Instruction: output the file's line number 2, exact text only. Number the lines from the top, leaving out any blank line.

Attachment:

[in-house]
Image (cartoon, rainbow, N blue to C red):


Image (cartoon, rainbow, N blue to C red):